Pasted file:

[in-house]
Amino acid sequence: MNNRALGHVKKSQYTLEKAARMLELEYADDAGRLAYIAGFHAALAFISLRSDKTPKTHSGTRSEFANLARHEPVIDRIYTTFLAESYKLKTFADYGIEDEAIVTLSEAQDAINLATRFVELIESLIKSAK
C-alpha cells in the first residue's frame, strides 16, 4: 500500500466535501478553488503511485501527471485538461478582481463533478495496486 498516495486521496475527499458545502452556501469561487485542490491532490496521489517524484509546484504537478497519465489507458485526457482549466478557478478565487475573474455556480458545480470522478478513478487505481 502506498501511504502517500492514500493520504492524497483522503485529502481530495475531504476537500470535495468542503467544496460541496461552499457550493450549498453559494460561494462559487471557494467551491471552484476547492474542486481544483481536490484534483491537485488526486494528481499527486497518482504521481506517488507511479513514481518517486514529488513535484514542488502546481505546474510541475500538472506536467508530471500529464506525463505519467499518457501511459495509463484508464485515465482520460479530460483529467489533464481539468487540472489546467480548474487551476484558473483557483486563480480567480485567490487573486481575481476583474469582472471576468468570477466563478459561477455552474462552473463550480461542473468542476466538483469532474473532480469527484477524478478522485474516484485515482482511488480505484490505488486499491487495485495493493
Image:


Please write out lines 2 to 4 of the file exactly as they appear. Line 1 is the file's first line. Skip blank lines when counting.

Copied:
Amino acid sequence: MNNRALGHVKKSQYTLEKAARMLELEYADDAGRLAYIAGFHAALAFISLRSDKTPKTHSGTRSEFANLARHEPVIDRIYTTFLAESYKLKTFADYGIEDEAIVTLSEAQDAINLATRFVELIESLIKSAK
C-alpha cells in the first residue's frame, strides 16, 4: 500500500466535501478553488503511485501527471485538461478582481463533478495496486 498516495486521496475527499458545502452556501469561487485542490491532490496521489517524484509546484504537478497519465489507458485526457482549466478557478478565487475573474455556480458545480470522478478513478487505481 502506498501511504502517500492514500493520504492524497483522503485529502481530495475531504476537500470535495468542503467544496460541496461552499457550493450549498453559494460561494462559487471557494467551491471552484476547492474542486481544483481536490484534483491537485488526486494528481499527486497518482504521481506517488507511479513514481518517486514529488513535484514542488502546481505546474510541475500538472506536467508530471500529464506525463505519467499518457501511459495509463484508464485515465482520460479530460483529467489533464481539468487540472489546467480548474487551476484558473483557483486563480480567480485567490487573486481575481476583474469582472471576468468570477466563478459561477455552474462552473463550480461542473468542476466538483469532474473532480469527484477524478478522485474516484485515482482511488480505484490505488486499491487495485495493493
Image: